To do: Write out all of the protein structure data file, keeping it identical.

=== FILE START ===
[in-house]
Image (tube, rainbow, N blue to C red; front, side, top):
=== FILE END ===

[in-house]
Image (tube, rainbow, N blue to C red; front, side, top):